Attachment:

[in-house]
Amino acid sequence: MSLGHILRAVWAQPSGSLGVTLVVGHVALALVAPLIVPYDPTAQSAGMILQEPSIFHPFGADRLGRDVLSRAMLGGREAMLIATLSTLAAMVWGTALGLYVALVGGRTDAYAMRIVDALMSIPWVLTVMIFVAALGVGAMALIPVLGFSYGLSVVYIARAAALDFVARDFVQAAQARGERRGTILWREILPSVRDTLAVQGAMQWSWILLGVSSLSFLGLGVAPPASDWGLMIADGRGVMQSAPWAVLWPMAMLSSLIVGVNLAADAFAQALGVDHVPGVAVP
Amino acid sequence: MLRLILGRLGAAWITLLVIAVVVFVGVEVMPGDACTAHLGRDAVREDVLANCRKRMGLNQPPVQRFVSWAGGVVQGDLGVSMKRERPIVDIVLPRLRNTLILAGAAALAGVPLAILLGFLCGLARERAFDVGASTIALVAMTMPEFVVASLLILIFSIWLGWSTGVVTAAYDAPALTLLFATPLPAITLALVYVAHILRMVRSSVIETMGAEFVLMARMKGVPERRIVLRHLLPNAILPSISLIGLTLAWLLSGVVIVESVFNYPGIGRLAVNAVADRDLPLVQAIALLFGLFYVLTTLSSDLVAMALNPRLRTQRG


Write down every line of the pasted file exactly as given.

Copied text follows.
[in-house]
Amino acid sequence: MSLGHILRAVWAQPSGSLGVTLVVGHVALALVAPLIVPYDPTAQSAGMILQEPSIFHPFGADRLGRDVLSRAMLGGREAMLIATLSTLAAMVWGTALGLYVALVGGRTDAYAMRIVDALMSIPWVLTVMIFVAALGVGAMALIPVLGFSYGLSVVYIARAAALDFVARDFVQAAQARGERRGTILWREILPSVRDTLAVQGAMQWSWILLGVSSLSFLGLGVAPPASDWGLMIADGRGVMQSAPWAVLWPMAMLSSLIVGVNLAADAFAQALGVDHVPGVAVP
Amino acid sequence: MLRLILGRLGAAWITLLVIAVVVFVGVEVMPGDACTAHLGRDAVREDVLANCRKRMGLNQPPVQRFVSWAGGVVQGDLGVSMKRERPIVDIVLPRLRNTLILAGAAALAGVPLAILLGFLCGLARERAFDVGASTIALVAMTMPEFVVASLLILIFSIWLGWSTGVVTAAYDAPALTLLFATPLPAITLALVYVAHILRMVRSSVIETMGAEFVLMARMKGVPERRIVLRHLLPNAILPSISLIGLTLAWLLSGVVIVESVFNYPGIGRLAVNAVADRDLPLVQAIALLFGLFYVLTTLSSDLVAMALNPRLRTQRG